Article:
The cetane number is one of the most important performance characteristics of diesel fuels which indicates the ignition lag of blended diesel fuel. The higher the cetane number is, the faster the fuel will ignite and the more completely it will burn.
Standard diesel engines operate on diesel fuels with a cetane number ranging from 40 to 55 units. The reduction of the cetane number usually results in ignition lag. As a result, the pressure in the combustion chamber is growing faster, and the wear rate of engine will be increased. The cetane number of the standard types of fuel is between 40-45 units. While that of high-quality fuel is between 45-50 units. High-quality diesel fuel (premium) is light and contains more flammable factions. It is therefore, desirable to use such fule to start cold engines. Additionally, the premium fuel emits less smoke while combusted. It is due to the increased ratio of hydrogen to carbon in light factions.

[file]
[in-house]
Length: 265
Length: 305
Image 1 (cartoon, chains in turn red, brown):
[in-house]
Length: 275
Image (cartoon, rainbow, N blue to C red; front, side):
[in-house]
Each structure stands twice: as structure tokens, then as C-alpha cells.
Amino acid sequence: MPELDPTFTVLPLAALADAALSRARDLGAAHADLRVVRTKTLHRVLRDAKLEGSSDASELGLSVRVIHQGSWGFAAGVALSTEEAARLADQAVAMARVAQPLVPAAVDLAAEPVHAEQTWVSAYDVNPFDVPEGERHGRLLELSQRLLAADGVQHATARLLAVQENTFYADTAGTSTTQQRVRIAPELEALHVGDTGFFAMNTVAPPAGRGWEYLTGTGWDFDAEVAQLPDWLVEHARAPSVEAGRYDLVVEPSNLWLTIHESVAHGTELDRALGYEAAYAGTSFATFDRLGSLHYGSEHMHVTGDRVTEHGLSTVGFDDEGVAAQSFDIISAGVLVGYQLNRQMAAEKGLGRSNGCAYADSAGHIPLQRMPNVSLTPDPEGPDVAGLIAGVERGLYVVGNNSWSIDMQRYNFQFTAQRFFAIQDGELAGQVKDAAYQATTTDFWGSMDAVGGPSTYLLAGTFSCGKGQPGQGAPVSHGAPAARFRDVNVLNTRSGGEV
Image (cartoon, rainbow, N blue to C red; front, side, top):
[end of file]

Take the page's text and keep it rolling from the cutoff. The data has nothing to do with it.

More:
The increased cetane number (more than 60 units) results in a range of negative factors such as: (1) the combustion efficiency is reduced; and (2) fuel consumption and smokiness are increased.
In part, the cetane number is defined by the amount of such components as paraffins, naphthenes, and olefins. The paraffins are considered to be a desirable component of oil product due to such performance characteristic as self-ignition in cold weather.